This is, let’s be honest, an absurdly high price for 14-inch street tires. Mazda’s engineers admit they’d have liked to sell them for less, especially considering affordability has always been core to the Miata’s appeal.
There’s also a kind of mental obstacle: most enthusiasts agree that a ‘50s Cadillac belongs on white walls, but for newer cars like the Miata, which are still driven every day, original-style tires can seem like a step backward. “Tire technology has really moved on in nearly three decades,” Tanner says.
Yet there’s an argument to be made that period-correct tires are, if anything, a more important dimension on more-recent collector cars than people realize. Since around the late ‘70s, automakers have been dictating to tire companies ever more sophisticated, parameters tailored to the characteristics of specific vehicles. Porsche began denoting specially developed tires with the letter N (for Nürburgring, of course) in 1986, and these days you’ll find OEM seals of approval seared onto the sidewalls of everything from the Kumhos on a Viper ACR to the Michelins on a Chevrolet Equinox. An engineer who develops performance cars today at General Motors recently told me tires are “the most engineered part on the entire car.”
In many cases, the automakers are chasing benchmarks of limited real-world relevance to a consumer—a mile per gallon on the highway or a tenth of a second at the ’Ring. Other times, though, the rubber is the keystone to the car.
“There are still some gaps in the market for some of the ‘90s-era European and Japanese performance cars, many of which came with 15-inch or staggered 16-inch fitments,” says Woody Rogers, product specialist at Tire Rack. “Hopefully there will be a resurgence of matching tires for these fitments, as more cars come out of the woodwork.”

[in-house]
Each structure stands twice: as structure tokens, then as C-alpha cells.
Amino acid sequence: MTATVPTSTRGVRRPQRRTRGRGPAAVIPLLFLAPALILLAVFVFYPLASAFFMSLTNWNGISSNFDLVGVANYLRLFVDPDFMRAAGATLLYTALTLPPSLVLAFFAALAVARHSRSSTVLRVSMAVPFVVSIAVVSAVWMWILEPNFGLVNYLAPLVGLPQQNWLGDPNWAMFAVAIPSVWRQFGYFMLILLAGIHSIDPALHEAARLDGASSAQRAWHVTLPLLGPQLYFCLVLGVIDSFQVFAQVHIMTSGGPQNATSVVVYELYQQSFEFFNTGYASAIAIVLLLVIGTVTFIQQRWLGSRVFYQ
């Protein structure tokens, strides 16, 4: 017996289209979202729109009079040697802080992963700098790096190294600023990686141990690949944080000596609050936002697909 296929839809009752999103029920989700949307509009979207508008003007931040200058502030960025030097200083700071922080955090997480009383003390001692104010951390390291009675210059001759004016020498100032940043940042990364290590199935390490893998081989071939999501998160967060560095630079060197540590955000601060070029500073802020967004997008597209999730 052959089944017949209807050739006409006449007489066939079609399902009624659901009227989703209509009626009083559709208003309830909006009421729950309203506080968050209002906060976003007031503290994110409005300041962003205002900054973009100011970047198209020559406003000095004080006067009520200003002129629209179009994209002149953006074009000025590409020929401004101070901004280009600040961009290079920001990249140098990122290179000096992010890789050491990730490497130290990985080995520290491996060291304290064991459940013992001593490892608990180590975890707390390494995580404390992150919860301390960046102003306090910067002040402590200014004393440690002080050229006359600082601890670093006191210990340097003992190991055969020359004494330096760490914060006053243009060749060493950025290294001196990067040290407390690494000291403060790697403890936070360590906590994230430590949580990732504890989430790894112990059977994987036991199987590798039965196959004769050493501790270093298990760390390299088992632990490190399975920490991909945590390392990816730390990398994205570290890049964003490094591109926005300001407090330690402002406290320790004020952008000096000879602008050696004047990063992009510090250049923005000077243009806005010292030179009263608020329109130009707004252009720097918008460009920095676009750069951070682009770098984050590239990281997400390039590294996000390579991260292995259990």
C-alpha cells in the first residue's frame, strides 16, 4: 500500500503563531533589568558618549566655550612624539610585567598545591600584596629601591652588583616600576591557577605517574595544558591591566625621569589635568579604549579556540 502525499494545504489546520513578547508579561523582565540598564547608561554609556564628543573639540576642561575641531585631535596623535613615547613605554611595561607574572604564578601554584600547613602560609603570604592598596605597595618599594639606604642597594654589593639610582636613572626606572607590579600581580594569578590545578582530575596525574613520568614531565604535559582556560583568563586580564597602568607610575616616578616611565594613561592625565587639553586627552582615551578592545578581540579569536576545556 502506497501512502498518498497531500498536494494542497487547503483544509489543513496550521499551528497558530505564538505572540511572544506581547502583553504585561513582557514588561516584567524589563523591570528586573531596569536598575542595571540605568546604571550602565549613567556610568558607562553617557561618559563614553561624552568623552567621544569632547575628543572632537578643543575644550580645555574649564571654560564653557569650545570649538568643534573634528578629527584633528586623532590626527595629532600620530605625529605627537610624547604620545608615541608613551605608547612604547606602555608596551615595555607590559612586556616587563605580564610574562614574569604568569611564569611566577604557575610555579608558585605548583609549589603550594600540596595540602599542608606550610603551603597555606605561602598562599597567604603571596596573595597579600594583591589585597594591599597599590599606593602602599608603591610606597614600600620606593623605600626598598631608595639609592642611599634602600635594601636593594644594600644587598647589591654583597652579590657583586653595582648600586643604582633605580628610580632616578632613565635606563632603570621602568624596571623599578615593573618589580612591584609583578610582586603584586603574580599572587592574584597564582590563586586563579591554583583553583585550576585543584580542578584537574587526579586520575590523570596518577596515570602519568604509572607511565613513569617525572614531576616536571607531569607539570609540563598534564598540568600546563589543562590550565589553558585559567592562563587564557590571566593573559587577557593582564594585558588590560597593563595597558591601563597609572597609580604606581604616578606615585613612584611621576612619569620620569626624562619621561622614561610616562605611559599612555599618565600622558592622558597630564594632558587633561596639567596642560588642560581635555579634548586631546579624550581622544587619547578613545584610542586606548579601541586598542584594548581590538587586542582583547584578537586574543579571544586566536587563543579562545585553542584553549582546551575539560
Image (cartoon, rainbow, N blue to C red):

Some automakers are working on modern solutions. Porsche, for instance, periodically tests new tires on its museum cars and has recommendations for everything from the 356 to the Carrera GT. Pirelli and Michelin have started reproducing greatest hits such as the MXW (original equipment on the Renault Alpine A310 V6) and the Cinturato P7. Yokohama announced in late 2017 that it would reproduce its Advan HF Type D rubber for several ‘80s and ‘90s Japanese sports cars. McLaren will not only replace tires on the F1 road car but makes sure to scrub them on a test track.
No surprise, these efforts are mostly reserved for high-dollar cars, something the first-generation Miata, despite climbing values, is certainly not. Mazda and Bridgestone say it’s about more than money. “The big purpose of the new tires is we want customers who don’t know the driving feeling of the original NA Miata to experience that,” explains Nobuhiro Yamamoto, Mazda’s spokesman for the restoration program (and an engineer for the current, fourth-generation Miata).
That means all of us Miata owners in the States—where Bridgestone has no plans to market the tire—will have to lay awake at night knowing our cars could be infinitesimally more pure and fun. Imagine that.